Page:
As a mother of two sons with autism, my friend Laura knows the challenges that children with autism face in the classroom. The difficulty sitting for long periods of time, the shrill sound of a pencil sharpener, the smells of a new cleaner in the classroom, or a sudden change in routine can send her bright 14-year-old son into sensory overdrive.
Yet, as Laura points out, there are many children on the high-functioning end of the autism spectrum who struggle through elementary or middle school undiagnosed—and are considered behavior problems when they can’t handle the social, sensory, or communication challenges of a typical school day.
This blog offers a list of “behavior checkpoints” to help teachers recognize behavior issues that may be signs of autism spectrum disorder (ASD) and provides resources to work with parents to help these children.
What Are Autism Spectrum Disorders?
According to the national organization Autism Speaks: “Autism spectrum disorders (ASD) are characterized by social-interaction difficulties, communication challenges and a tendency to engage in repetitive behaviors. However, symptoms and their severity vary widely across these three core areas.” Autism spectrum disorders include autistic disorder, childhood disintegrative disorder, pervasive developmental disorder, and Asperger syndrome.
While signs and symptoms of autism usually emerge around 18 months to3 years of age, each individual with autism is unique. Mild symptoms of autism may go unrecognized until a child is much older.
Behavior Checkpoints: Signs That a Student May Have Autism
Students on the autism spectrum may demonstrate a combination of behaviors and tendencies, such as:
- Poor eye contact
- Difficulty regulating emotions, which leads to outbursts in unfamiliar or overwhelming situations
- Disruptive and physically aggressive behavior in frustrating situations
- Compulsive tendencies, such as the need to be first (first in line, first to class, etc.) and to be time conscience (to be early or on time)
- Extreme sense of fairness
- Improper or very few social interactions
- Trouble staying on task and finishing work (easily distracted by other things)
- Difficulty losing (board games, outdoor activities, etc.)
- Can develop precocious language and unusually large vocabularies, yet have difficulty sustaining a conversation
- Inability to understand humor, sarcasm, or nonverbal communications, such as the meaning of a smile or frown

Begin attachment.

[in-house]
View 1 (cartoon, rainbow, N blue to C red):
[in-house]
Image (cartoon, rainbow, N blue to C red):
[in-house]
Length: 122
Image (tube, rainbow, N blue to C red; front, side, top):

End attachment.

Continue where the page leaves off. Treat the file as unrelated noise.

- Awkward or peculiar way of speaking (extremely loud, robotic monotone or a particular accent)
- One-sided conversations and tendency to discuss self rather than others
- Inability to understand issues or phrases that are considered common sense
- Unusual repetitive behaviors such as toe walking, hand flapping, arranging and rearranging objects, and repeating words or phrases
- Need for extreme consistency in their environment and daily routine
- Intense preoccupation, obsession, or depth of knowledge on a specific topic (anywhere from vacuum cleaners to astronomy to numbers)
Sensory Processing Problems
- Hypersensitive to sights, sounds, smells, tastes, or touch, such as the buzz of fluorescent lighting in the classroom, the texture of fabric tags, or the smell or appearance of a particular food in the cafeteria
- Seeking out or unusual response to this sensory input
- Seemingly ordinary sensory stimuli becomes painful or confusing
If you are concerned about a student, gently communicate your concerns with his or her parents and suggest having the child evaluated by a school professional. Usually a district psychologist, occupational therapist, or speech therapist is a good place to start. Each county’s Office of Education has specialists that will do an evaluation of the child. A Special Education Local Plan Area (SELPA) is another great resource that supports districts to address parent or teacher concerns.
Additionally, these resources provide more detailed information for both teachers and parents:
- Organization for Autism Research: 6 steps to success for autism and Asperger syndrome in your classroom
Teachers, parents, and schools can work together to raise awareness and support children with autism.
Theresa Wooler has more than 10 years’ experience in K–6 classrooms as a parent volunteer, has taught high school English, and is currently involved in education through Evan-Moor’s marketing communications team.